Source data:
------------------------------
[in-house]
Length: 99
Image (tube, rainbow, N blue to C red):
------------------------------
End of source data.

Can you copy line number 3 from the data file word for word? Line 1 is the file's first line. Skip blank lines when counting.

Image (tube, rainbow, N blue to C red):